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Things Go Better as Coke Supply Chain Delivers Medicine to Remote African Villages

The views expressed are those of the author and are not necessarily those of Scientific American.


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Retailer in Katete, Zambia with anti-diarrhea kits slotted among bottles

Women in rural areas of the developing world often have to walk all day to get to a health clinic to retrieve the oral rehydration packets needed to treat their children’s diarrhea, a leading killer for those under the age of five.

When they arrive, however, the medicine is often gone. The solution lies in getting the packets closer to outlying villages, a logistical challenge in distributing a world renowned soft drink.  “You will find Coca-Cola in any village at any time in the course of the year, but you’ll not find medicines. What’s the difference? There’s  something to be learned there,” says Zambian Minister of Health Joseph Kasonde.

Claire Ward’s indie documentary —The Cola Road—follows that learning curve as an innovative nonprofit piggybacks on the Coca-Cola distribution network in Zambia to distribute oral rehyrdration packets.  A former editor at Maclean’s, Ward made the film for her master’s project in journalism at New York University, funding it largely through crowdsourced financing.

The film highlights the work of Simon and Jane Berry, who head ColaLife, as they probe whether a plastic kit containing zinc and the salts used to combat dehydration in stricken babies and toddlers would win acceptance by the country’s Coca-Cola bottler, South African Breweries, as well as wholesalers, small rural shopkeepers and critically the parents of sick children living in far-flung provinces.

The kit, sold for a dollar (5000 kwacha),  fits snugly into the neck of the Coke bottles slotted into the familiar vermillion, hard-plastic crates and delivered by donkey, oxcart, bicycle as well as the familiar trucks and buses. (“Think Outside the Box and Inside the Crate,” as the film’s promo poster entreats.)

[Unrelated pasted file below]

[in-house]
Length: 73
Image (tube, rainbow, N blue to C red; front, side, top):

Tiny village shops, always stocked with Coke, have now started to receive oral rehydration Kit Yamoyos (kits of life)—and, no, Coke itself is not a particularly good rehydration fluid, despite the lore. Thousands of the kits have been sold already in Zambian rural districts and the Ministry of Health, the film points out, now has plans to use the same supplier network to distribute other types of medicine. The income for the shopkeepers provides an incentive to keep the kits on the shelves.

Simon Berry has contemplated using the Coke supplier network to distribute medicines for more than 20 years and now the  idea is catching on.  Segway developer and serial inventor Dean Kamen remarks in the April 29 issue of Fortune that he convinced Coca-Cola to become his partner in distributing Slingshot, a still that uses minimal energy to clean water. It could become an ideal complement to a Kit Yamoyo that requires a clean water supply to bring a sick baby back to health.

Here’s a trailer for the film and a video that contains some footage from the documentary:

Image Sources: Simon Berry/ColaLife; pi Global (video)

About the Author: Gary Stix, a senior editor, commissions, writes, and edits features, news articles and Web blogs for SCIENTIFIC AMERICAN. His area of coverage is neuroscience. He also has frequently been the issue or section editor for special issues or reports on topics ranging from nanotechnology to obesity. He has worked for more than 20 years at SCIENTIFIC AMERICAN, following three years as a science journalist at IEEE Spectrum, the flagship publication for the Institute of Electrical and Electronics Engineers. He has an undergraduate degree in journalism from New York University. With his wife, Miriam Lacob, he wrote a general primer on technology called Who Gives a Gigabyte? Follow on Twitter @@gstix1.

The views expressed are those of the author and are not necessarily those of Scientific American.





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